An interest in global health led sophomore Jake Harris to a supplementary major in global affairs at Notre Dame. The major, existing with the Keough School of Global Affairs, offers students the opportunity to develop a global perspective, build cultural competency, and understand and think critically about some of the world's most complex issues.
Keough offers both a major and a supplementary major in global affairs. A supplementary major is pursued in addition to a primary major at Notre Dame. Harris' primary major is anthropology.
Below, Harris talks about his majors, favorite class, and the opportunities he's had to globalize his education through the Keough School.
Why did you choose to major in global affairs at Notre Dame?
As with many students, I started my first year at Notre Dame intending to pursue a career in medicine, but quickly realized I was much more passionate about the broader policy-based work that is a cornerstone of the Keough School of Global Affairs. I’ve become really interested in global health and all the different policy and developmental projects that stem from the field, so from there it was a pretty natural process to switch to a global affairs major.
Were you always interested in topics related to this major?
Not exactly. I came to Notre Dame with an interest in public health, mostly within an American context. Obviously, there are a ton of pressing issues in the U.S. related to healthcare, from the opioid crisis to COVID-19, but over the course of my first year, I heard the term “global health” more and more, and realized how important it is to view public health on a global scale. My classwork and research experience has also made clear the potential and need for effective policy at global levels.
What has been your favorite class in the program and why?
So far, I’ve only taken one class, Introduction to Global Affairs and Integral Human Development, but it’s been a great way to learn about a variety of pressing international issues, from peace-building to refugees and migration to global health. I’m also excited to take Intro. to Global Politics and Policy next semester.
What is your primary major and how do you feel the global affairs major integrates with that?
My primary major is anthropology, and I can’t really think of a better second major than global affairs. The global affairs major provides a great way to learn about the dynamic political, social, and economic policy mechanisms that govern our world—anthropology foregrounds all of that policy-based work with a really unique critical perspective that centers the human experience.
So I get the best of both worlds: learning how to develop effective policy-based programs from a global perspective, as well as how to implement them in cooperative and culturally-sensitive ways.
Do you have any other involvement with the Keough School of Global Affairs?
Yes! Both the Kellogg Institute for International Studies and the Eck Institute for Global Health have been great.
I recently received funding from Kellogg through their International Scholars Program to attend the American Anthropology Association’s annual meeting, which was in Seattle this year. The conference was a really cool opportunity to meet with people at the top of their field and learn about the newest advancements and findings of the discipline.
I’ve also had the opportunity to work with the Eck Institute to found a Global Health Club, and we’ve been doing a lot to build interest in global health among the undergraduate community. The Eck also hosts an annual global health case competition and is launching a global health minor, both of which are really great opportunities to get involved!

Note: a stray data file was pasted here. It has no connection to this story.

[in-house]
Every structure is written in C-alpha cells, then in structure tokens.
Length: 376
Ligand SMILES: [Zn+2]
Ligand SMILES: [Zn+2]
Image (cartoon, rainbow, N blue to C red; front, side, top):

Have you conducted any related research or independent study?
Yes, also through the Kellogg Institute’s International Scholars Program. Through the program, I was paired with a faculty mentor and have been working on a research project with her. We’re looking at humanitarian responses amidst complex or violent emergencies and how those responses can be improved.
The research is at the intersection of health and violence in a way that is both really interesting and important, and the ideas and skills I’ve learned so far I hope to continue in my own work in the future.
What makes the global affairs program at Notre Dame stand out among programs like it at other schools?
I think a lot of times at global levels, people are often treated as just numbers or data points, but the Keough School does a great job at respecting people as they are.
The mission of the Keough School is driven by the idea of “integral human development,” which values the inherent dignity and wellbeing of all people. I think the global affairs program does a great job of viewing people as more than just numbers or data points as well as equipping students to be effective policymakers.
The faculty and institutional support is also fantastic and are great resources to supplement learning in the classroom.
Do you have any advice for prospective students who are considering a major in global affairs?
There are so many different areas of focus within the Keough School, so be intentional about your plans! There are so many different institutes and faculty that you have access to, and plenty of funding opportunities to go abroad or do research! Take advantage of all the resources and opportunities the major provides.
What are your career plans/post-graduation plans?
I plan on pursuing a graduate degree in global public health, hoping to incorporate ethnographic or anthropological methodologies in my work. I’m interested in doing research or policy work on addressing systemic health inequalities, addressing determinants of health and global health through a decolonial perspective.